The most lively debate was has on naval shipbuilding. After Mr Andrew drew attention to the recent contract award to GE to build the electric drive motors for the ships in Rugby matters turned to whether the Fleet Solid Support ships currently being competed should be built in UK shipyards. Though declining to give such a commitment, the minister highlighted the recently announced review into the MARS tanker procurement (procured from a South Korean shipyard) that would seek to learn from that and maximise the opportunities for the UK supply chain, confirming that a UK consortium is bidding.

The issue was then raised as to whether MOD is following the recommendations of the National Shipbuilding Strategy to include the economic benefits to the UK being accounted for in the bidding process. Mr Andrew confirmed that Sir John Parker, author of the strategy, is currently doing a review of his initial report, highlighting that international competition is also about encouraging UK industry and UK shipyards to be as competitive as possible, so that they can not only maximise the opportunities that UK defence offers, but take advantage of competition around the globe, too.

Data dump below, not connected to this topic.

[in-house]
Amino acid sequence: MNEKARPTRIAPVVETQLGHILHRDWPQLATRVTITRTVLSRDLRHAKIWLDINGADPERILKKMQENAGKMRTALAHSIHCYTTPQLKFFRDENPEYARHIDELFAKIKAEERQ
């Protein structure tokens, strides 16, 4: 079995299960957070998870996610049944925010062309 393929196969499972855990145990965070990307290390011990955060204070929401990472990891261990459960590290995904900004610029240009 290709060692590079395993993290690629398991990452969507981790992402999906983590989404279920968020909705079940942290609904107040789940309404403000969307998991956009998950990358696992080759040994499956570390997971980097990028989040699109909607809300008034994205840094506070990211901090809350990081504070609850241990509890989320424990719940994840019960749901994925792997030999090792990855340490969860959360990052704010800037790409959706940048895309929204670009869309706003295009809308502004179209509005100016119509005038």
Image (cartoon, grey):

The opposition bench then targeted the procurement process for the Type 31e frigate, noting that the price ceiling of £250 million per ship is ‘totally unrealistic’. Asked if he had now effectively removed that financial ceiling, Mr Andrew did not repudiate this, merely stating that “We have taken a pragmatic approach to change the parameters to ensure consistency with all other competitions that have been happening.” He also confirmed that the ambition remains for the capability to be competitive on the global market.

Among written questions answered this week, were:

WEAPONS PROCUREMENT: Asked what steps MOD is taking to help ensure that weapons used by British armed forces are (a) fit for purpose and (b) modern, Mr Andrew replied that “As explained in the report on the Modernising Defence Programme published in December 2018, we plan to modernise and transform our Armed Forces by embracing new and innovative technologies to ensure we retain military advantage over potential adversaries and by investing to improve the readiness and availability of defence equipment. We will spend over £186 billion on equipment and support over the decade from April 2018 to March 2028 to ensure that our Armed Forces are fit for the defence and security challenges of the future.”

COMPETITION IN PROCUREMENT: Asked what steps MOD is taking to encourage competition in defence procurement, Mr Andrew replied that “Competition remains the cornerstone of defence procurement policy, except where other strategic considerations need to be taken into account, for example national security, operational advantage and freedom of action. The Ministry of Defence routinely engages with prime contractors to maximise competition in the supply chain wherever possible; for example, encouraging early visibility of forthcoming requirements. Above all, our focus is on securing the best capability for the Armed Forces at the best value for money for the taxpayer.”

OTHER NEWS

QinetiQ reports 9% revenue rise (Jane’s 360)

Sweden confirms UK Tempest talks (Jane’s 360)